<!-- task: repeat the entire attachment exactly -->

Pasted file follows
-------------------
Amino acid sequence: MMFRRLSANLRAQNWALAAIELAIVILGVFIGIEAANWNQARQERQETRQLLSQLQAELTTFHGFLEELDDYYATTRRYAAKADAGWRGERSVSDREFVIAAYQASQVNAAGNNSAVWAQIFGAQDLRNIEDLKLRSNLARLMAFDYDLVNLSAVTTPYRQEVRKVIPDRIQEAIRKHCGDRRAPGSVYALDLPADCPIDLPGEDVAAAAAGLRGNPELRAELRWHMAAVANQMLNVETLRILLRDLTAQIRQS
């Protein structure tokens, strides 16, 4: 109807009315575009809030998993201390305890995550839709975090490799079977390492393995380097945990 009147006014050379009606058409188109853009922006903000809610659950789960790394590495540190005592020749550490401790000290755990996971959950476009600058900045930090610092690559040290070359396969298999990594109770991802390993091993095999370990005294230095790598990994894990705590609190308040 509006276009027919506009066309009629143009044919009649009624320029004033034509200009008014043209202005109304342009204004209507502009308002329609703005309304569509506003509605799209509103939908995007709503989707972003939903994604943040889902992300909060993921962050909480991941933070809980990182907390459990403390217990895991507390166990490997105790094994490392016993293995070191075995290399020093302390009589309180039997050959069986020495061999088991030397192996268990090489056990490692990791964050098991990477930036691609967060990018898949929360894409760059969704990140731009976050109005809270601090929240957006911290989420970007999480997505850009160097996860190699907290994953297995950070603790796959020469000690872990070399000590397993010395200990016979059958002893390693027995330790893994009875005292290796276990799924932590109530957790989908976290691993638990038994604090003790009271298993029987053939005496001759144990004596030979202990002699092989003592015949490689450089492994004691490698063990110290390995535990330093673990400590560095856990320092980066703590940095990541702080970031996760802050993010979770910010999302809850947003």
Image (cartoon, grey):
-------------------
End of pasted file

Amino acid sequence: MMFRRLSANLRAQNWALAAIELAIVILGVFIGIEAANWNQARQERQETRQLLSQLQAELTTFHGFLEELDDYYATTRRYAAKADAGWRGERSVSDREFVIAAYQASQVNAAGNNSAVWAQIFGAQDLRNIEDLKLRSNLARLMAFDYDLVNLSAVTTPYRQEVRKVIPDRIQEAIRKHCGDRRAPGSVYALDLPADCPIDLPGEDVAAAAAGLRGNPELRAELRWHMAAVANQMLNVETLRILLRDLTAQIRQS
């Protein structure tokens, strides 16, 4: 109807009315575009809030998993201390305890995550839709975090490799079977390492393995380097945990 009147006014050379009606058409188109853009922006903000809610659950789960790394590495540190005592020749550490401790000290755990996971959950476009600058900045930090610092690559040290070359396969298999990594109770991802390993091993095999370990005294230095790598990994894990705590609190308040 509006276009027919506009066309009629143009044919009649009624320029004033034509200009008014043209202005109304342009204004209507502009308002329609703005309304569509506003509605799209509103939908995007709503989707972003939903994604943040889902992300909060993921962050909480991941933070809980990182907390459990403390217990895991507390166990490997105790094994490392016993293995070191075995290399020093302390009589309180039997050959069986020495061999088991030397192996268990090489056990490692990791964050098991990477930036691609967060990018898949929360894409760059969704990140731009976050109005809270601090929240957006911290989420970007999480997505850009160097996860190699907290994953297995950070603790796959020469000690872990070399000590397993010395200990016979059958002893390693027995330790893994009875005292290796276990799924932590109530957790989908976290691993638990038994604090003790009271298993029987053939005496001759144990004596030979202990002699092989003592015949490689450089492994004691490698063990110290390995535990330093673990400590560095856990320092980066703590940095990541702080970031996760802050993010979770910010999302809850947003």
Image (cartoon, grey):